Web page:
A typical digital signal is a voltage that alternates between (typically) 0 volts and +5 volts, with varying durations. In some cases , if the value is not varying, it may be one wire, or a set of wires, each with either zero volts or +5 volts on them, not changing.
Actual voltages are between 0 and 0.4 volts (a low or zero) and between 2.4 volts and 5 volts (a high or one). This is for TTL. There are other logic families that have different voltages.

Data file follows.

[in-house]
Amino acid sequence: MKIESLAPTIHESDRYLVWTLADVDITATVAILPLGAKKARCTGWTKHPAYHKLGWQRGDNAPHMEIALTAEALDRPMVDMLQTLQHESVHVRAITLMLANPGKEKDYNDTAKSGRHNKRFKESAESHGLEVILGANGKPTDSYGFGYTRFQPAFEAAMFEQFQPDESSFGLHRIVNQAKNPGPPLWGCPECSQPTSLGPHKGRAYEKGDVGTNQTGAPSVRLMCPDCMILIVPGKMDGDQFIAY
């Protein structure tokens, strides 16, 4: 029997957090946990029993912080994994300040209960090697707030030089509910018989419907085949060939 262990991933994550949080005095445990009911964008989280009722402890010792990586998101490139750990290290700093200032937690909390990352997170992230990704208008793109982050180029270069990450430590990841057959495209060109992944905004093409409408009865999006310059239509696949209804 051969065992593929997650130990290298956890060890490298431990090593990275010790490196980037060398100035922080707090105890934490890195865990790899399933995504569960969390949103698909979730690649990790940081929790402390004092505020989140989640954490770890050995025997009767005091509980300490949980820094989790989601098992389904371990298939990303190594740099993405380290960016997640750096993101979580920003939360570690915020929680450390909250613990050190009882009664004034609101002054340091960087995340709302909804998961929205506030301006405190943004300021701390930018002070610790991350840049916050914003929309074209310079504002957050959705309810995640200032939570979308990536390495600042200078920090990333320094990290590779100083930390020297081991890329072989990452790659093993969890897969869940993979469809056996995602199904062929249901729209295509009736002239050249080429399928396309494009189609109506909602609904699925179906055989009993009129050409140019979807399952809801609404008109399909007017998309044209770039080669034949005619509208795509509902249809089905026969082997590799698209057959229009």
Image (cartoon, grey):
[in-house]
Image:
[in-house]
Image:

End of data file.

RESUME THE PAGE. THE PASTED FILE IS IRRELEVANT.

A typical time varying digital signal such as a serial data stream will consist of a set of pulses with a fixed period, but with a pattern of highs and lows that hold the data. To a casual eye, the pattern seems random.
But you won't see a digital signal with a fixed unvarying duty cycle as you would see in a square wave.
Now a square wave is fixed. The period is fixed, and the high to low ratio is fixed. Typical square waves are bipolar, that is, the low is, for example, –10 volts with the high at +10 volts. Unipolar square wave would have a low at zero volts and a high at +10 volts. The pattern is fixed with a fixed duty cycle.